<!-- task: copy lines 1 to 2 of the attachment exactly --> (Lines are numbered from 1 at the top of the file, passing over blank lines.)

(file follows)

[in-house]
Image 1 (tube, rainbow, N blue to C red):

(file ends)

[in-house]
Image 1 (tube, rainbow, N blue to C red):